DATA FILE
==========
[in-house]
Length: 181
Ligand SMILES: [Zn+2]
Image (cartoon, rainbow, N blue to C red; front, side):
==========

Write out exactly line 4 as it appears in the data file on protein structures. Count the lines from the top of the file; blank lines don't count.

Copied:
Image (cartoon, rainbow, N blue to C red; front, side):